Menopausal Health and Individualized Hormone Therapy

Health care providers often prescribe hormones for symptoms accompanying menopause, including hot flashes, vaginal dryness, mood changes, compromised cognition, sexual problems, and fatigue. Today, choosing the optimal hormone therapy for women has become a complex matter.

Concerns about the safety of traditional hormones have surfaced in recent years. Traditionally in the U.S., conventional hormone therapy has used synthetic — or nonbioidentical — hormones. These are considered “nonbioidentical” because their structure is different than human hormones.

Bioidentical hormones, while derived from “natural” plant sources – typically yams or soy – are not strictly speaking “natural”. Though derived from natural sources, these hormones must be commercially processed to become bioidentical.

The prevalence of undesired side effects in synthetic hormones have bioidentical hormones gaining popularity. Side effects can occur, however, with both synthetic and bioidentical hormones; no hormone therapy is a guarantee against side effects.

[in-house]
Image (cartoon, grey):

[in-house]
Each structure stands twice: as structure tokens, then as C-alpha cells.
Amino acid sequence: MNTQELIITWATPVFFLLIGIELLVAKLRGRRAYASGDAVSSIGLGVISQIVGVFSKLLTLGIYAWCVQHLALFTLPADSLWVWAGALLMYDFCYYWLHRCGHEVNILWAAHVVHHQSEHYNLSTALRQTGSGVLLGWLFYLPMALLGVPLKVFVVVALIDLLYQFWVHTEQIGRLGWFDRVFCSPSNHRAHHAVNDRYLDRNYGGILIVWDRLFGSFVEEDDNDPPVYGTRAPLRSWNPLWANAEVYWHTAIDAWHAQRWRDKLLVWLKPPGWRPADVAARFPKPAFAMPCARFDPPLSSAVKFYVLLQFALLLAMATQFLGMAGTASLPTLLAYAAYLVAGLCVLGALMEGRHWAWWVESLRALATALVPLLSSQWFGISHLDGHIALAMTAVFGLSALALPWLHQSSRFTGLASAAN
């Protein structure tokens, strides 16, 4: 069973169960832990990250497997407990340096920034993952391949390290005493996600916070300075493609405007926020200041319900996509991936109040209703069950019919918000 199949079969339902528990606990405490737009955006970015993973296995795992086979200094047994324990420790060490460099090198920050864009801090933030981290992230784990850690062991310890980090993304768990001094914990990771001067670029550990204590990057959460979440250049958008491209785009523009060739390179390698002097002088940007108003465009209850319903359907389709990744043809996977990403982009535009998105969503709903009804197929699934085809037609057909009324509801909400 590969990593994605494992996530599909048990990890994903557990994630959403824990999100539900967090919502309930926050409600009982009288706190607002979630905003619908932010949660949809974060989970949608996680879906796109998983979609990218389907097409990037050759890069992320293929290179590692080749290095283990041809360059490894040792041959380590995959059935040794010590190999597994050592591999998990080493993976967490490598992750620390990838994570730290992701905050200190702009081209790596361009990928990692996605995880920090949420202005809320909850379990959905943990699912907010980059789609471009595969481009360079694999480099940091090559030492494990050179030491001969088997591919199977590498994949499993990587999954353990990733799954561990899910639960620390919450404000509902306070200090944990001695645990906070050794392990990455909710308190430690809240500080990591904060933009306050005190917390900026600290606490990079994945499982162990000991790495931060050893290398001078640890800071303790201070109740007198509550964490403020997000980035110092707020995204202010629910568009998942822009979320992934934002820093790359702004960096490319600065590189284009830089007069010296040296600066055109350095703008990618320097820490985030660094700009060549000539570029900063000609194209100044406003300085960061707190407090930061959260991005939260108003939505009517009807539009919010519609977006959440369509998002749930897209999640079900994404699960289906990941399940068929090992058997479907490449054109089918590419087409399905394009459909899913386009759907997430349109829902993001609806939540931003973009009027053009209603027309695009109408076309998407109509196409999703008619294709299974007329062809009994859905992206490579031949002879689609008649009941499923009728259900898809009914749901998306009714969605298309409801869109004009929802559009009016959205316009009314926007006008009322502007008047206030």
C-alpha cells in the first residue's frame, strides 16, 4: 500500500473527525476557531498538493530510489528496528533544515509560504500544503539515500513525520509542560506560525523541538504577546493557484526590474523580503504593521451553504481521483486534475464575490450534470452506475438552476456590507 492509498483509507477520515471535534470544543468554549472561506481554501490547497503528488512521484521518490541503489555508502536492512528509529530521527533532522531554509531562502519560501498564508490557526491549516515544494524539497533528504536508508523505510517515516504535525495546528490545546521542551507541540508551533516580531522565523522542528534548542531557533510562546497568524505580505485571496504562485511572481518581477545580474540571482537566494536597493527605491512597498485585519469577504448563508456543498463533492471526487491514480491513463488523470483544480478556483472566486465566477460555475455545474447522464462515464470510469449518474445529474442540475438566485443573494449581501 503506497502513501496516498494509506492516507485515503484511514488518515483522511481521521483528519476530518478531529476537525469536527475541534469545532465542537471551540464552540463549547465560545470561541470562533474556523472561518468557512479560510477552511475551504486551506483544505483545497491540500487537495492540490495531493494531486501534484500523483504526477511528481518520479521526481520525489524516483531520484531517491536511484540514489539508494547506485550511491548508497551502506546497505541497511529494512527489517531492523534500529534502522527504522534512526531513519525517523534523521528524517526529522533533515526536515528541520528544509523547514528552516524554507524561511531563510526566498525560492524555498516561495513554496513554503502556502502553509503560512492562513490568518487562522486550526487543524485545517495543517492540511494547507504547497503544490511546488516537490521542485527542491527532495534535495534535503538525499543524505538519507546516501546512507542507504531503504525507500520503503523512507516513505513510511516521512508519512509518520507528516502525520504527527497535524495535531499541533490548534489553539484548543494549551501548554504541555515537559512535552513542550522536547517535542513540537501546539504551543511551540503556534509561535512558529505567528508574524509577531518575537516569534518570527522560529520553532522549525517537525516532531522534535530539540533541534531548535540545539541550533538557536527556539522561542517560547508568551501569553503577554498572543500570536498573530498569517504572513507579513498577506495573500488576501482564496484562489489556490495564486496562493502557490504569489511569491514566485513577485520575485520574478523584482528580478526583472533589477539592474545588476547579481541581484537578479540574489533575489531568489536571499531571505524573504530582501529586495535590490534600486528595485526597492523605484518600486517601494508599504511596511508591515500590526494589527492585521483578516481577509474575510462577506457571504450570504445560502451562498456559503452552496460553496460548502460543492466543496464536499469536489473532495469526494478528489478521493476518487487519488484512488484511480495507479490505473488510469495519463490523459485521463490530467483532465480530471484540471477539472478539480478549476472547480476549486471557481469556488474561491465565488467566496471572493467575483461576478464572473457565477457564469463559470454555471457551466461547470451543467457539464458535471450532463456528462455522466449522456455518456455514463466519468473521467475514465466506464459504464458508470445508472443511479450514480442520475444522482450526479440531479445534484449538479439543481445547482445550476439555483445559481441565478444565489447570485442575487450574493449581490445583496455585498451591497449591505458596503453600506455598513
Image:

The past decade has emphasized that hormone therapy needs to be tailored to the individual woman’s risk/benefit profile.

For women considering a hormone therapy regimen, there are many choices. Some choices include synthetic and bioidentical hormone therapy; estrogen-only vs. estrogen-progesterone hormone therapy; and oral vs. transdermal administration options. Each needs to be considered against the woman’s particular health profile.

Dose, type, and route of administration need to be carefully evaluated for each individual. Hormone therapy can be used for as long as the woman and her healthcare team feel the benefits outweigh the risks for her.

Given the complexity of choices available for hormone therapy, menopausal women should seek out specialists who are familiar with, and on the pulse of, the rapidly evolving field of menopause management.